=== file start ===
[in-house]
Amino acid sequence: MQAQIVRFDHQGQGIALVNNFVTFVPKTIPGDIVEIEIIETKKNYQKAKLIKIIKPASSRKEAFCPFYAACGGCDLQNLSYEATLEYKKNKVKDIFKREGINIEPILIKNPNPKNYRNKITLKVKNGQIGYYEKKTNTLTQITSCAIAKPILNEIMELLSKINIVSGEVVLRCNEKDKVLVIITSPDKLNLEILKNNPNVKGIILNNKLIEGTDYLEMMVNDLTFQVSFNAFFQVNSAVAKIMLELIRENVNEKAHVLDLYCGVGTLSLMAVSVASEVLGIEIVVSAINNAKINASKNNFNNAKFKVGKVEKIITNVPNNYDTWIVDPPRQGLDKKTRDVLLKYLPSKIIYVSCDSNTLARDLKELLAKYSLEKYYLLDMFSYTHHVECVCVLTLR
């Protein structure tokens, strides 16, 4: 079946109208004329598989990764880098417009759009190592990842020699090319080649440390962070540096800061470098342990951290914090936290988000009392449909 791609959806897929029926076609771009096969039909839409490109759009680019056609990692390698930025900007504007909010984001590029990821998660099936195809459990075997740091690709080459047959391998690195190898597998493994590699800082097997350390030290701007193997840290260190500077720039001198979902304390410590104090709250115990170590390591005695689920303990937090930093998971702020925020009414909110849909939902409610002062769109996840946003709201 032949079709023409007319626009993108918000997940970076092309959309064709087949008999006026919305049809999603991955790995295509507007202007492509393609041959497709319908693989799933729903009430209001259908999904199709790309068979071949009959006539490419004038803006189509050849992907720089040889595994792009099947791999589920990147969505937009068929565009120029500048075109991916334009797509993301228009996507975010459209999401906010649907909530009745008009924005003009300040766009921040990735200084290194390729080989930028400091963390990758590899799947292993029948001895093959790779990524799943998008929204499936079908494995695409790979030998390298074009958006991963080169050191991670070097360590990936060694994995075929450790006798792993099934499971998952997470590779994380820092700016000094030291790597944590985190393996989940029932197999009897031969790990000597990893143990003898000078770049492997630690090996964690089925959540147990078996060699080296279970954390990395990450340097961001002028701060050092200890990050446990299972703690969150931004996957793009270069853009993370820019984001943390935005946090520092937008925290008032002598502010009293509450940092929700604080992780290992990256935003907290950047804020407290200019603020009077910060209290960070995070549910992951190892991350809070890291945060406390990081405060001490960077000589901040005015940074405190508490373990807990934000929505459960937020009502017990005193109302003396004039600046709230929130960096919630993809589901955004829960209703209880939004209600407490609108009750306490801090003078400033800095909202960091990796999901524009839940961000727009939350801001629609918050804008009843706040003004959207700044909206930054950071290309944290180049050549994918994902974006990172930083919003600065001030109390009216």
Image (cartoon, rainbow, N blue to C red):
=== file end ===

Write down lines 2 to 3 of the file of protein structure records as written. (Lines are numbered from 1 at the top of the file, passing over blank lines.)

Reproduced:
Amino acid sequence: MQAQIVRFDHQGQGIALVNNFVTFVPKTIPGDIVEIEIIETKKNYQKAKLIKIIKPASSRKEAFCPFYAACGGCDLQNLSYEATLEYKKNKVKDIFKREGINIEPILIKNPNPKNYRNKITLKVKNGQIGYYEKKTNTLTQITSCAIAKPILNEIMELLSKINIVSGEVVLRCNEKDKVLVIITSPDKLNLEILKNNPNVKGIILNNKLIEGTDYLEMMVNDLTFQVSFNAFFQVNSAVAKIMLELIRENVNEKAHVLDLYCGVGTLSLMAVSVASEVLGIEIVVSAINNAKINASKNNFNNAKFKVGKVEKIITNVPNNYDTWIVDPPRQGLDKKTRDVLLKYLPSKIIYVSCDSNTLARDLKELLAKYSLEKYYLLDMFSYTHHVECVCVLTLR
């Protein structure tokens, strides 16, 4: 079946109208004329598989990764880098417009759009190592990842020699090319080649440390962070540096800061470098342990951290914090936290988000009392449909 791609959806897929029926076609771009096969039909839409490109759009680019056609990692390698930025900007504007909010984001590029990821998660099936195809459990075997740091690709080459047959391998690195190898597998493994590699800082097997350390030290701007193997840290260190500077720039001198979902304390410590104090709250115990170590390591005695689920303990937090930093998971702020925020009414909110849909939902409610002062769109996840946003709201 032949079709023409007319626009993108918000997940970076092309959309064709087949008999006026919305049809999603991955790995295509507007202007492509393609041959497709319908693989799933729903009430209001259908999904199709790309068979071949009959006539490419004038803006189509050849992907720089040889595994792009099947791999589920990147969505937009068929565009120029500048075109991916334009797509993301228009996507975010459209999401906010649907909530009745008009924005003009300040766009921040990735200084290194390729080989930028400091963390990758590899799947292993029948001895093959790779990524799943998008929204499936079908494995695409790979030998390298074009958006991963080169050191991670070097360590990936060694994995075929450790006798792993099934499971998952997470590779994380820092700016000094030291790597944590985190393996989940029932197999009897031969790990000597990893143990003898000078770049492997630690090996964690089925959540147990078996060699080296279970954390990395990450340097961001002028701060050092200890990050446990299972703690969150931004996957793009270069853009993370820019984001943390935005946090520092937008925290008032002598502010009293509450940092929700604080992780290992990256935003907290950047804020407290200019603020009077910060209290960070995070549910992951190892991350809070890291945060406390990081405060001490960077000589901040005015940074405190508490373990807990934000929505459960937020009502017990005193109302003396004039600046709230929130960096919630993809589901955004829960209703209880939004209600407490609108009750306490801090003078400033800095909202960091990796999901524009839940961000727009939350801001629609918050804008009843706040003004959207700044909206930054950071290309944290180049050549994918994902974006990172930083919003600065001030109390009216």